You must be able to provide the proper nutrition for the species you intend to care for. They do not have the option of swimming off YOUR reef to find better food. Poor nutrition and poor feeding habits on the part of the aquarist are responsible for many disease outbreaks and deaths.
Gender plays a good part in fish aggression, and differing size and/or coloration between the sexes may influence your decision to purchase a particular species. Some fish are very difficult to distinguish between the males and females, while others have very clear differences.
Some fish are hermaphroditic, changing sex if necessary. Clown fish all start as males. When two are paired, usually the larger one will become a female. Some Anthias females are also capable of changing to male if no dominant male is currently present.
The homes in which you plan to provide you fish with is also something to keep in mind. Some fish like lots of swimming room, and therefore, not a lot of rock to get in the way. Others become very stressed if they do not have a safe hiding place to observe their environment from. Still others need to have a sandy substrate and bits of rocks and shells to build a burrow.
If you are considering a burrowing fish, you will need to ensure that your rocks are securely stacked on the bottom of your tank. A fish digging under them can easily topple over your carefully constructed rock sculptures and can result in crushed livestock, or worse, a smashed tank.
Contrary to popular belief, clownfish do not REQUIRE an anemone to host. They can live long and happy lives without an anemone and they are in fact strongly discouraged from the beginning aquarist.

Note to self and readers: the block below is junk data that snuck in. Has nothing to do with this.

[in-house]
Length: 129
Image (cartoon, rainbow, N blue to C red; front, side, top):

Will your fish play nice with the other kids at school? Some fish should NEVER be placed in the same tank as certain other fish. Compatibility can tie in with diet, temperament, size, and gender factors also. Many fish should not be kept as more than one individual, unless as a mated pair (such as clown fish) or introduced simultaneously (such as tangs).
Fish will generally be more aggressive towards others of their species, or different species that share similar coloration, body shape, habitat, or food. Some fish may overcome their differences and coexist, reasonably happy. Others will battle it out until one or both are dead.
On the other hand, some fish are happier and healthier if kept in small schools. Anthias and Chromis, for example, rely on schooling behavior in order to feel safe in open water. If you choose to keep only one individual of these types of fish, it may become a recluse, or may become ill or weak without his posse. There are many resources for determining compatibility, such as your web forums, fish keeping books, and livestock stores (online and brick-n-mortar).
The order in which you introduce your fish to your tank can help ensure a healthy and safe acclimation for your new addition. Here are some general introduction guidelines. (Please note these guidelines may not apply in all situations.)
- Most passive fish added first to most aggressive fish added last. Aggressive fish are less likely to terrorize established passive fish.
- Fish should be added smallest to biggest, after considering aggression. For example, a large passive foxface should be added before a smaller aggressive damsel, or, small passive chromis should be added before a large aggressive tang.
- Same or similar species should be added at the same time, if possible. Two of the same or different tangs should be added at the same time to reduce territoriality issues.
- Females of schooling species should be added before, or at the same time as males. If you want to add more of the same species once a small school is established, only smaller females should be added, depending on the species.
It is your responsibility to ensure the compatibility of your fish. Impulse buying is not the way to shop for your livestock and you may have disastrous and expensive consequences. You don’t want to put a minnow in a shark tank.